The pandemic also demonstrated some interesting trends regarding older workers in the US. Unemployment affected older staffers far more in the early days of the pandemic: those aged 55 and older were 17% more likely to lose their jobs than employees who were just a few years younger. But many of those workers have now returned to jobs, with employment levels for people aged 55 to 64 at pre-pandemic levels, says Tinsley-Fix.

Surveys also show that older workers were among the groups better able to cope with the adjustments that the pandemic threw up, she adds. “I don’t want to paint too broad of a brush, but older workers – like older people generally – tend to have more emotional resilience because they’ve lived longer and they’ve developed strategies to cope,” she says. “They’ve also learned that they can cope with past situations. So even though they’re dealing with the same levels of stress or burnout as everyone else, they’re more likely to say, ‘Yeah, but I’m managing’.”

Work to live or live to work?

Much has been written in recent years about how people around the world are living longer and want to continue working past retirement age. But life expectancy in the US has been declining and now stands at 76.6 years, the lowest in 25 years, and well behind some Asian and European countries where people on average live into their 80s. Poor healthcare, high rates of death due to Covid-19 and opioid use are factors sapping US life expectancy. Working longer is about economic necessity, rising inflation and the need to stay employed to gain health benefits, says Tinsley-Fix. But she adds that it’s also about continuing to contribute, having structure and enjoying social outlets. “The concept of retirement as a cliff – one day you just stop working and never go back – is really over. There’s really more of a gradual kind of slowing down into retirement.”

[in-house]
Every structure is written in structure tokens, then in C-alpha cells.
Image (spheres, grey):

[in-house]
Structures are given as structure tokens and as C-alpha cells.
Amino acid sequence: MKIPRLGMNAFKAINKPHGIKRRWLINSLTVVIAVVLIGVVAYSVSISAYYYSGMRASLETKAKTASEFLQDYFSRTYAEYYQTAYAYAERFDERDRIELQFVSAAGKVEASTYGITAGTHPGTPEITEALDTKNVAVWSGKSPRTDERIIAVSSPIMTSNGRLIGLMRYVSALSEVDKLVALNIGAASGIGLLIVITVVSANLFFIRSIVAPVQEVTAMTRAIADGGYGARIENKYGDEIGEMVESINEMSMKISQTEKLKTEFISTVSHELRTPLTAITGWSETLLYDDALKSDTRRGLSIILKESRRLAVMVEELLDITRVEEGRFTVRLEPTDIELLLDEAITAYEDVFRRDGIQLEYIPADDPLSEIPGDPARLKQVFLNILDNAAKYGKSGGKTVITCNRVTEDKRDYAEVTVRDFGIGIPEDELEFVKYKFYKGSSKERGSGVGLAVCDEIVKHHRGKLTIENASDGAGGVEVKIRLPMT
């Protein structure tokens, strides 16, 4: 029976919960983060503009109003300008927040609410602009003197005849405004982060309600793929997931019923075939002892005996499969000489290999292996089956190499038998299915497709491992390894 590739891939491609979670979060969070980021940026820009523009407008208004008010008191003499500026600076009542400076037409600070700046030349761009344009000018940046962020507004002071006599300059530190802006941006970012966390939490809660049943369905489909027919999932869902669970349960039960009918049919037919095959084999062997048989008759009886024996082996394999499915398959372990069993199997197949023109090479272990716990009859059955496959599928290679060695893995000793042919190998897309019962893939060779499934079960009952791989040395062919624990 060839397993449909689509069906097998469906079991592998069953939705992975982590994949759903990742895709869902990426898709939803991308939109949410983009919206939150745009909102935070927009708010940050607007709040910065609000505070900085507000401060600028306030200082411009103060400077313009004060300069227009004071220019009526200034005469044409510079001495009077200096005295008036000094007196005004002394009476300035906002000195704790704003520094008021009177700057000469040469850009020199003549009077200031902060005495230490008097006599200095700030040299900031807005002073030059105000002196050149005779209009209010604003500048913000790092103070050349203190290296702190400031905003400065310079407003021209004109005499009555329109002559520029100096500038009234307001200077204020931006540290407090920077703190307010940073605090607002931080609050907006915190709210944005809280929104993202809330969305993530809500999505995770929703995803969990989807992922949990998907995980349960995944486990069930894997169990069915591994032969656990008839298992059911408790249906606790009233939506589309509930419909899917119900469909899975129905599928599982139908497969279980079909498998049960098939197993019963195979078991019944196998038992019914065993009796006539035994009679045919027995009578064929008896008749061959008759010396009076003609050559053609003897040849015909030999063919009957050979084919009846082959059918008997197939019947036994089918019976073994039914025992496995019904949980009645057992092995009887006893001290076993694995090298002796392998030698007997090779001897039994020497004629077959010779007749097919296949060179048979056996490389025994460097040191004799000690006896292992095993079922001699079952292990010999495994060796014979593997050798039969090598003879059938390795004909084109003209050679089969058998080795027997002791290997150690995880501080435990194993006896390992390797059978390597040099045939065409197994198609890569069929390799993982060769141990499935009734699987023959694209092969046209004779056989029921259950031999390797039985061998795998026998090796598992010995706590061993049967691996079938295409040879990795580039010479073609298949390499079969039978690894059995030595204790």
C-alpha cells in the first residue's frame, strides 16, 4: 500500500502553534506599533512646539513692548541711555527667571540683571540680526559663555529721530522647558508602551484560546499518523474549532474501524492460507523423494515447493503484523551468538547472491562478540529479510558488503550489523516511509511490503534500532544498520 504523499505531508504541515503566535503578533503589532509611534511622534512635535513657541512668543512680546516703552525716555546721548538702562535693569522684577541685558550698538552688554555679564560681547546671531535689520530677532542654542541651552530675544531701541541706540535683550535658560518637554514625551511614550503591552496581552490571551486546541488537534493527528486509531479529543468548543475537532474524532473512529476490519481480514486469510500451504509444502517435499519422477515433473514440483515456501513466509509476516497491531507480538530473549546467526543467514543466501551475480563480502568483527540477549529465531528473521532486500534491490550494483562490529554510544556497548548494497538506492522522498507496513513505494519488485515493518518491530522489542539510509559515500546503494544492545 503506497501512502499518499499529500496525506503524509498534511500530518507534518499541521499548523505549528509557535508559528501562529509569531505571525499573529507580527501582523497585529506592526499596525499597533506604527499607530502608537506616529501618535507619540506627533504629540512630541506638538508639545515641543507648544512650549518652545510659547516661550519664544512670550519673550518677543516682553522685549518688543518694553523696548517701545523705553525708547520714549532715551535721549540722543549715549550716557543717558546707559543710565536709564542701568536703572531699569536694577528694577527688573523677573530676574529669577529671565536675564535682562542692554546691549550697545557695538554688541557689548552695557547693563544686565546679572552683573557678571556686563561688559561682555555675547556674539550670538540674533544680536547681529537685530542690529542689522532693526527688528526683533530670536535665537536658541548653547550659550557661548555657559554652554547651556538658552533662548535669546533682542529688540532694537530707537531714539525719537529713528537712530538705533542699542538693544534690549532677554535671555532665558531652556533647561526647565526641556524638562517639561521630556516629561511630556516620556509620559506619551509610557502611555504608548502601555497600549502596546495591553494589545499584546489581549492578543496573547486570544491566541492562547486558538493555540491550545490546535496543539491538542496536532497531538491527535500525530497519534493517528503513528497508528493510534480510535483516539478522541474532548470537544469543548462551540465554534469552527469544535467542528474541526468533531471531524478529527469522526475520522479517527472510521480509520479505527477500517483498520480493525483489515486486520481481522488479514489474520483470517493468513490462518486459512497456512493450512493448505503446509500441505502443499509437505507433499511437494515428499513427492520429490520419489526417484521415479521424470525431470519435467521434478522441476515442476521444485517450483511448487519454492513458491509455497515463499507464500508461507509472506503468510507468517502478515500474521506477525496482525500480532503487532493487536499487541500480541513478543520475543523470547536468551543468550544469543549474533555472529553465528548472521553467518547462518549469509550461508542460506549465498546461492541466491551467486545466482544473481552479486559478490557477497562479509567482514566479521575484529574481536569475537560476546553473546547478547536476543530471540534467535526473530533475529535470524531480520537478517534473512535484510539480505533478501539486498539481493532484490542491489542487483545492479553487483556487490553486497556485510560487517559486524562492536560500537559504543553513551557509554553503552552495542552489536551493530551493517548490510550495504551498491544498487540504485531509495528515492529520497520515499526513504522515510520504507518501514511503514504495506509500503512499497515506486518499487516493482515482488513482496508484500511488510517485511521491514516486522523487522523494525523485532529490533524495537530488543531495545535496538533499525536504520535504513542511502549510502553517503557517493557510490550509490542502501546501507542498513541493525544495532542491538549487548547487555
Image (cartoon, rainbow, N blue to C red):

The benefits for workplaces

Businesses have a lot to gain from older people being more of a feature, with inter-generational information flow and collaboration boosting productivity.“Different generations enjoy working together and learning from each other,” says Morison. “The demand for mentoring relationships, both on and off the job, is high. One of the things older employees most enjoy is sharing their experience and helping ‘bring along’ younger generations of colleagues. Employers who don’t take advantage of intergenerational connections are simply missing the boat.”

The advantages are clear but it will need a concerted effort to make work and workplaces fit for purpose for older people, says Tinsley-Fix. “It’s going to take the government, employers and people themselves all contributing to solutions,” she says. “So, for example, governments play a role in [creating] safety nets and portable benefits. Employers play a role in terms of structuring work so that people can take advantage of flexibility and periods of ‘leaning out’ to care for children, care for elders or to re-skill. And people themselves need to stay sharp, stay curious and re-skill.”